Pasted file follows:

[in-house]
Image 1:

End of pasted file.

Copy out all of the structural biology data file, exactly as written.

[in-house]
Image 1: